Electronic Health Records Allow Agencies To Improve Surveillance and Patient Care

Dawn Heisey-Grove, MPHCDCMedicalResearch.com Interview with:
Dawn Heisey-Grove, MPH
Office of Planning, Evaluation, and Analysis Office of the National Coordinator for Health Information Technology U.S. Department of Health and Human Services Washington, DC

Medical Research: What is the background for this study?

Response:Ā  Population health surveillance can be costly, time consuming, and limited, depending on the data source. Electronic Clinical Quality Measures (eCQMs) reported to the Medicare Electronic Health Record (EHR) Incentive Program reflect aggregate data on all patients seen by a participating health care provider during a given measure’s reporting period and therefore represent a substantial proportion of the U.S. population. These data are reported as a function of a federal program and are the result of automated extraction from an EHR, which might streamline the reporting process for the health care provider, resulting in data that are a useful resource in public health surveillance.

Medical Research:? What are the main findings?

Response: This first published use of Medicare EHR Incentive Program data for national population surveillance reported on an eCQM that is aligned with Million HeartsĀ®, a national initiative launched by the U.S. Department of Health and Human Services to prevent 1 million heart attacks and strokes by 2017. The eCQM tracks the proportion of patients with hypertension who had controlled blood pressure during the reporting period. During the first three years of the EHR Incentive Program (2011-2013), approximately 3 in 10 participating health care professionals reported on this eCQM, making it the 5th most commonly selected measure overall. This represented 63,000 ambulatory care professionals and approximately 17 million patients. On average, 62 percent of patients with hypertension had controlled blood pressure. Read more here.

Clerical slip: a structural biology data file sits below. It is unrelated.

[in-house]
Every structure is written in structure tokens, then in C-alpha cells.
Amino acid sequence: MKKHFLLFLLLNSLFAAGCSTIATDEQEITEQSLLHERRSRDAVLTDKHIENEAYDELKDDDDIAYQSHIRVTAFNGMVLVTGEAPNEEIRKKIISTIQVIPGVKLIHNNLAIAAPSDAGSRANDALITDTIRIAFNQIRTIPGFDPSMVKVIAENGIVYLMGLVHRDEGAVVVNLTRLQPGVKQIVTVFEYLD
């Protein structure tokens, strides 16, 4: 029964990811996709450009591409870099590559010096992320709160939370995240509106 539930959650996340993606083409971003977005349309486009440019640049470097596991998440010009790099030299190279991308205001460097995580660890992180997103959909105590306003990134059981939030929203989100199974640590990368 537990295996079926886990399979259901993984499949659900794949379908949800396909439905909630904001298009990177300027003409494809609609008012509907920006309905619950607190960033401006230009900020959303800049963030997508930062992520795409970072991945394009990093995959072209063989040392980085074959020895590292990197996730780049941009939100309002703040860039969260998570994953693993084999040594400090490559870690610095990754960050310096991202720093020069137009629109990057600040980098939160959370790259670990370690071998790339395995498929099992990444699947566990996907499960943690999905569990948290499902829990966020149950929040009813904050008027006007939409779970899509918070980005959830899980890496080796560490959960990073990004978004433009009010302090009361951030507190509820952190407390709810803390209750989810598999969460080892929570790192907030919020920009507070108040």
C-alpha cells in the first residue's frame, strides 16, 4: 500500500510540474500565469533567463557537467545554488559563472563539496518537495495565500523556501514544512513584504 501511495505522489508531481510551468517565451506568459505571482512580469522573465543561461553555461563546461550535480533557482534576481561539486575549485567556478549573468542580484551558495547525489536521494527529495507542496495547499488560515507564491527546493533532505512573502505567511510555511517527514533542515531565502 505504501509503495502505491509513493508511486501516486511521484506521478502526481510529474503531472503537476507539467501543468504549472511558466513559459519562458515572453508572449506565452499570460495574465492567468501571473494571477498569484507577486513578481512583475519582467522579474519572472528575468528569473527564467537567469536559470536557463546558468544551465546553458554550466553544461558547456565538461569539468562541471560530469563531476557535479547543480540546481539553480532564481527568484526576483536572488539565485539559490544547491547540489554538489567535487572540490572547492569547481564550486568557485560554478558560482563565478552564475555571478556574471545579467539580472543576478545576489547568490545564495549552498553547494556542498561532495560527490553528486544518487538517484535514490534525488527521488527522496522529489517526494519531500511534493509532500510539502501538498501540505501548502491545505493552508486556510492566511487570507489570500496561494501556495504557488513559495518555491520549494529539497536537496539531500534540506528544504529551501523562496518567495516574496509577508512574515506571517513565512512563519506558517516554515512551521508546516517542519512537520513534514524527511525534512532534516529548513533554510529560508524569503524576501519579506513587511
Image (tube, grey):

Medical Research: What should clinicians and patients take away from your report?

Response: Electronic health record systems provide an opportunity to improve patient care and more easily monitor population health. Using data stored in EHRs, clinicians may be better equipped to generate reports that track the health of high risk patients. In addition, public health could expand its surveillance capabilities, potentially at lower costs and in a more timely fashion, by taking advantage of existing systems such as eCQM reporting. Further alignment of eCQMs across federal and private sector programs will enable clinicians to collect data once and report to selected programs.

Medical Research: What recommendations do you have for future research as a result of this study?

Response: Future research endeavors should begin to maximize the potential data captured through eCQM reporting. State and local public health agencies can partner with state, regional, or local health information exchanges; the state primary care associations; the state Medicaid programs; and health systems to explore the use of existing EHR data for surveillance while still ensuring appropriate safeguards to maintain patient privacy. As EHR implementation becomes more widespread, the data collected by these systems will be invaluable for monitoring numerous clinical conditions.


Using Electronic Clinical Quality Measure Reporting for Public Health Surveillance


May 1, 2015 / 64(16);439-442

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MedicalResearch.com Interview with: Dawn Heisey-Grove, MPH CDC (2015). Electronic Health Records Allow Agencies To Improve Surveillance and Patient Care MedicalResearch.com

Last Updated on June 7, 2015 by Marie Benz MD FAAD